In addition to the static and flying lineup, the airshow played host several ground activities that are worthy of mentioning. There was a kids’ zone under an aircraft overhang that provided shade and a robust play area. Numerous vendors were selling handmade items and other goods while there were several items from border patrol on display, including vehicles, watercraft, gear, a horse and more. Food vendors were accomodated in two areas. A car show also featured, albeit on the opposite side of the showground to where it had been advertised. Finally, there was a premium seating area at the northwest end of the showground, available for a reasonable $15 per person.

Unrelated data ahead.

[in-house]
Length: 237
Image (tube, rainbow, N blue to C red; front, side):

One other thing to note was the almost 10-minute walk from the front of the parking to show center. To mitigate this, the base provided shuttles to the edge of parking, which seemed to be a welcome inclusion as the crowd departed.

No firm date is set for the next Fiesta of Flight, but word is that the show will run biannually, and will hopefully return in 2026.